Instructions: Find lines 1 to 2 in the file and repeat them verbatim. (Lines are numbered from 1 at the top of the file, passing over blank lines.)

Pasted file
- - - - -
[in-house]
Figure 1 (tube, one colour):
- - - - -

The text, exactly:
[in-house]
Figure 1 (tube, one colour):